Being a mum but not having a mum
About to have her first baby, Tanya Sweeney reflects on her youth and her late mother whose maxim was 'don't make me a gran'
Tanya Sweeney: “I’ve started to think about the times my own mother taught me left from right, tying shoelaces, the difference between ‘their’, ‘they’re’ and there’. The most basic and quotidian things, doled out in moments of selflessness and sacrifice.” Photograph Nick Bradshaw
When you get pregnant, you hear a lot of very nice platitudes. “You’re glowing.” (That’s not a glow, that’s a life without wine.) “You’ll be an amazing mum.” (What exactly are you basing this on? I write about porn and threesomes.)
That said, I’ve received particularly lovely texts from old friends of my dearly departed mum. “She would be so chuffed and proud and excited,” is the general gist.
It’s lovely to hear, but my instinctive reaction is always, “Hm. But would she though?”
She was never anyone’s idea of a granny (whatever that means), so it’s weird and a bit sad for me to think of her as such. Because of her death in 2011, we are frozen, suspended in aspic. She at 62 and me at 33. In the last couple of years of her life, she went to see Tom Waits and Leonard Cohen live, and even managed to get to Stamford Bridge to see her beloved Chelsea play. I cannot conceive of her embracing grandparenthood. For many reasons.
As is the case in every teenager’s home, the general refrain in our house was, “don’t ever make me a gran”. I took this to heart and to this day, my biggest regret is the lack of teenage sex I had. So many bedsits. So many beautiful boys. Not nearly enough nookie.
In my 20s, my parents divorced, ushering in another refrain. “Never, ever give away your heart,” my mother intoned repeatedly through bitter, spirit-sapped tears. I took this as gospel, and for a great many years I didn’t, petrified it would leave me a grey-skinned wisp of a person, chain-smoking with the curtains permanently drawn, in front of Deal Or No Deal.
The only other regular catchphrase I can remember now from my late 20s, oddly, is: “Imagine this one ever being in labour.” Because whether period pain or migraine, “this one” doesn’t do stoic and makes a full-blown fandango of any minor ailment.
And throughout her cancer journey, the dynamic we’d found ourselves in hardened even further. Me: brittle, matter-of-fact, needing and wanting no one. Her: hypersensitive, kind, vulnerable. My bedside manner in those years left plenty to be desired because I selfishly wanted to be at festivals and lock-ins, not washing pyjamas and changing bedclothes.
“Nurse Ratchet,” she would call me, only half-joking. Parental death forces you into the role of parent, yet even at times like this, I couldn’t, or wouldn’t, summon a maternal cell in my body. And I was too overwhelmed or afraid to have a conversation about the possibility of me ever becoming a mother. It would have finished her off totally, in any case.
There’s a weird parallel to being pregnant and having a dead parent. I go to my mum’s grave and stare at the pebbles and flowers, looking for answers. On some level, I know she is 6ft away, yet there’s always that head-scratcher. “Where exactly are you though?”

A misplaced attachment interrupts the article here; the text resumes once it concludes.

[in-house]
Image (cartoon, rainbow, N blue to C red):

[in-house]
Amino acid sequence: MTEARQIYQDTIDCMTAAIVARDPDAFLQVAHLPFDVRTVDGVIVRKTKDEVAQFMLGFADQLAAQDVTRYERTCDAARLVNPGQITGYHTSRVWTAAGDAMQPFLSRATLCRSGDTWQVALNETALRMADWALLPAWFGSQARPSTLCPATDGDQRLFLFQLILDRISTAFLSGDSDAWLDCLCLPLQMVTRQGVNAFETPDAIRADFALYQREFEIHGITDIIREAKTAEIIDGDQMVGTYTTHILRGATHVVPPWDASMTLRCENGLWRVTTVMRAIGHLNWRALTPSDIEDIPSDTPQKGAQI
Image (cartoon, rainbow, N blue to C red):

Similarly, you see a tiny foot or elbow scrape the inside of your belly and realise your child is physically only a few inches away, yet it might as well be happening in another universe. You end up talking to both the dead and the unborn in the same way; not really believing they can hear you, but it’s what you’re supposed to do, as a good daughter or a good mother.
On top of that, I had a strange realisation recently: if a baby girl is born with all of her eggs, it means that this baby or mine was once, after a fashion, in my own mother’s belly. It’s a mad feeling.
When I talk to friends who have become parents after they have lost their mothers, they give a slight shake of the head. Parenthood is profound, but experiencing it when you thought a mother-child relationship was off-limits to you forever is another matter entirely. Some were hit afresh by an unexpected wave of grief. Others long for their mums to be with them now. Some feel like warriors, going it alone. I think we’re all a little sad about the lack of free babysitting.
When you lose your mother, you go through the world without your very first moral compass. It makes you feel like a survivor, a warrior. When things go wrong in your life, you don’t worry about how your mum will react to the news. You get Mother’s Day back to yourself (fine, it’s one afternoon, but you find the silver linings where you can). In some ways, it can be very freeing.
So staring into the possibility of a mother-child relationship opening up to you all over again is, well, lots of things. Daunting. Exhausting. Exciting. Enlivening. You feel every kick and hiccup, and appreciate the sort of love and wonderment your own mother might have experienced before she even met you.
I’ve started to think about the times my own mother taught me left from right, tying shoelaces, the difference between ‘their’, ‘they’re’ and there’. The most basic and quotidian things, doled out in moments of selflessness and sacrifice (because the shoelace thing, when you think about it, must have been tedious as hell). And then, the Nurse Ratchet barbs start to ebb away a little bit.
Maybe it’s time for me to become a different kind of warrior.
Tanya Sweeney’s pregnancy series
Part 1: More chance of Bosco getting pregnant
Part 2: First came the shock, then the advice
Part 3: I’m pregnant and have a glass of wine
Part 4: People have never seen me like this
Part 5: Baby bump makes a woman so visible
Part 6: No more well-meaning advice
Part 7: Facing the financial shock
Part 8: My last child-free Christmas
Part 9: Being a mum but not having a mum